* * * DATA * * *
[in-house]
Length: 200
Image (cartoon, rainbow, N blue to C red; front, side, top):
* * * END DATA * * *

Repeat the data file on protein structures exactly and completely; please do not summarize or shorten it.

[in-house]
Length: 200
Image (cartoon, rainbow, N blue to C red; front, side, top):